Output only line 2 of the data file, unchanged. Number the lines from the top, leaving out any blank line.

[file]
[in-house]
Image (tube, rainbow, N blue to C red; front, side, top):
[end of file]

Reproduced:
Image (tube, rainbow, N blue to C red; front, side, top):